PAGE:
The method called *f-Chart* is one of the empirical frameworks that uses standardized metrics to characterize the long-term performance of solar heating systems. It was originally developed by Klein, Beckman, and Duffie in 1976. Although it has some uncertainties and is mostly applied to standard designs, it provides a quick and robust estimate of system performance using collector parameters and average monthly radiation and temperature data. To this end, understanding the *f-Chart* data can be useful.

The ** f** value, which is a targeted output in

*f-Chart*computations, characterizes the fraction of a total heating load supplied by solar energy:

\[f = \frac{{{\rm{solar_-energy_-input_-to_-load}}}}{{{\rm{total_-energy_-load}}}} = \frac{{{L_s}}}{{{L_s} + {L_a}}}\]

To set up the calculation you need to choose and specify the following variables: collector area, collector type, storage capacity, fluid flow rates, heat exchanger sizes. Those parameters can be set at the design stage and can be adjusted further to achieve a desirable outcome.

The *f-Chart *model correlates those parameters with thermal performance. This correlation is empirical and is the result of treatment of hundreds of simulations and case studies of solar heating systems. In the end, *f* is presented as a function of two dimensionless parameters *X* and *Y*:

\[X = \frac{{{\rm{collector_-energy_-losses}}}}{{{\rm{total_-heating_-load}}}}\]

\[Y = \frac{{{\rm{total_-energy_-absorbed_-by_-collector}}}}{{{\rm{total_-heating_-load}}}}\]

These metrics are normally defined for a one-month period. In terms of collector properties, these values can also be expressed as follows:

All the parameters and properties used in these metrics are available from collector tests and conditions chosen, so they should be quite straightforward to calculate. Let us define all the properties included (D&B, 2013):

*A _{c}* = collector area (m

^{2})

*F' _{R}* = collector heat exchanger efficiency factor

*Δ**t* = total number of seconds in month

*T _{a}* = monthly average ambient temperature (

^{o}C)

*T _{ref}* = empirical reference temperature (100

^{o}C)

*L* = monthly total heating load for space heating and hot water (J)

*H _{T}* = monthly average daily radiation incident on collector (J/m

^{2})

*N* = number days in month

(*τα*) = monthly average transmittance-absorptance product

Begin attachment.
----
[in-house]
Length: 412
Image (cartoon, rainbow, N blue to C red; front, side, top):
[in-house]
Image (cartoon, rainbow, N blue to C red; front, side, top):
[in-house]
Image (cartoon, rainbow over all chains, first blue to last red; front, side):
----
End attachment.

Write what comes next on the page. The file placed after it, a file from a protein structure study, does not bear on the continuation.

The products *F _{R}*(

*τα*) and

*F*are determined from standard collector tests. The example calculations of

_{R}U_{L}*X*and

*Y*values for a typical solar heating system are given in Example 20.2.1 of the D&B textbook. Further,

*X*and

*Y*are used to calculate

*f*- the monthly fraction of the load supplied by the solar energy. For tha purpose, the following empirical equations are used:

For liquid systems:

\[f = 1.029Y - 0.065X - 0.245{Y^2} + 0.0018{X^2} + 0.0215{Y^3}\]

For air systems:

\[f = 1.040Y - 0.065X - 0.159{Y^2} + 0.00187{X^2} - 0.095{Y^3}\]

Note: these equations are the result of model data fitting (so do not try to justify it by any theoretical derivations). They are simply used as the approximations of model results fitted to the pair of *X* and *Y* values.

Further, the total solar fraction of annual load (*F*) can be found by the sum of all monthly fractions:

\[F = \frac{{\sum {{f_i}{L_i}} }}{{\sum {{L_i}} }}\]

For example, for a liquid-based heating system, if we perform this calculation for different collector areas, we observe an increase of solar energy fraction as the system gets larger (Figure below). Based on this output, we can select the collector area for the project to cover the desired amount of energy needs.

The chart above is only one representation of *f-Chart *performance data. A number of other properties can be presented in similar diagrams. Please refer to the following reading to learn more details about the *f-Chart *method and to see more examples and illustrations of how it is applied.

**Reading Assignment **

Examples in Sections 20.2-20.4 are especially useful.

The f-Chart method can be applied to the following systems (Haberl and Cho, 2004):

- Water storage heating
- Pebble bed storage heating
- Building storage heating
- Domestic water heating
- Integral collector-ctorage DHW
- Indoor and outdoor pool heating
- Passive direct gain
- Passive collector-storage wall

The following types of solar collectors can be included in this treatment:

- Flat plate
- Evacuated tube
- Compound parabolic concentrating
- 1-axis and 2-axis tracking

To summarize: the *f-Chart *method is an express tool for thermal design assessment. It allows quick estimation of solar heating system performance, although errors up to 5-10% may be present due to approximations. That is the price of speed and convenience. The uncertainties may be due to variations in meteorological data, averaging performance data, system use and occupants' behavior, and individual system flaws and imperfections.

This method is especially recommended for exploring relative effects of design changes and also as a benchmark for comparison with real-life performance data from a system.

While the calculations described above can be made by hand, there is licensed software (FCHART) available (but not free) via www.fchart.com (2005).

**References: **

Duffie, J.A. Beckman, W., Solar Engineering of Thermal Processes, John WIley & Sons, 2013.

Haberl, J.S. and Cho, S., Literature Review of Uncertainty of Analysis Methods (F-Chart Program), Report to the Texas Commission on Environmental Quality, Energy Systems Laboratory, Texas A&M Univeristy, ESL-TR-04/08-04, August 2004.

Klein, S.A., Beckman, W.A., and Duffie, J.A. A Design Procedure For Solar Heating Systems, Solar energy 18, 113- 126 (1976).